South Sudan to inject 100MW of electricity into national grid by March
London, Jan. 22, 2020 (AltAfrica)-South Sudan’s Ministry of Energy and Dams says a total of 100MW of electricity will be injected into its national grid by March, a move since by analysts as a celebration of the success of its private partnership model in power generation
The city grid became operational in 2019 and will electrify all homes and businesses by March 2020, said Minister of Energy and Dams, Hon. Dr. Dhieu Mathok Diing Wol.
The 100MW of power is coming from its partnership with Ezra Power in Juba. Ezra has invested $289 million in a thermal and solar power plantand a new city grid has been constructed alongside the power generation plant.
The minister said South Sudan is working to roll-out more public-private partnerships to bring power to regional cities, based on the success of its partnership with Ezra Power in Juba.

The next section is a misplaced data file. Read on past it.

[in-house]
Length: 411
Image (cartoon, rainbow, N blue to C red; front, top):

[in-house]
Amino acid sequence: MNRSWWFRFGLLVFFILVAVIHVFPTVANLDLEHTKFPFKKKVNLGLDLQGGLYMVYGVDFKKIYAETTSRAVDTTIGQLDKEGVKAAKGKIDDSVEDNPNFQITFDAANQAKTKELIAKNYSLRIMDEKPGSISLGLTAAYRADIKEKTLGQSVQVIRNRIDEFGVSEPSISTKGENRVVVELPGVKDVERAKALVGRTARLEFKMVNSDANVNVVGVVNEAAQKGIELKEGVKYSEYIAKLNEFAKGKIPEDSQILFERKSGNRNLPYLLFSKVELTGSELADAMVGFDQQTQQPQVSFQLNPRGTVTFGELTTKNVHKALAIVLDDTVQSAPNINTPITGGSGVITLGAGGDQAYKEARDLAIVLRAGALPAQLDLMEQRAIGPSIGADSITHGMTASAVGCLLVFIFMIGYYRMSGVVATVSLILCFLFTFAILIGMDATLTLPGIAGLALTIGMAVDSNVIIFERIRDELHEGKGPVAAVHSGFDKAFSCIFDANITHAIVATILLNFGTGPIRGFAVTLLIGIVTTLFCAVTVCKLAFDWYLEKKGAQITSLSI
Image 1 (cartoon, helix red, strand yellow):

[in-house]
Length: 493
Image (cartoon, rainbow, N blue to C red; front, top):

“Electricity is a basic need and electricity is the engine of development. If you look into the criteria used to start development, you will see that electricity is at the top. If we aspire to be like other developing countries, we need to help generate electricity,” said Wol.
The minister said the government had acknowledged the high tariff price of the new power system and is working on reducing it as a priority to assist low-income residents.
Former Undersecretary and new Technical Advisor Eng. Lawrence Loku Moyu noted that the government had plans to expand the country’s grid networks adding that “these network expansions need human resources to develop; we need new engineers, technicians, to bring these expansions to South Sudan.”
Moyu further highlighted that after gaining independence in 2011, South Sudan had not yet obtained feasibility studies done by the Khartoum government on the power sector. Purchasing these studies and implementing their recommendations is a strategic objective for the ministry.
“The new engineers that we are recruiting will have to study this programme from the beginning. Getting these studies and implementing their recommendations is now a priority for us,” he concluded.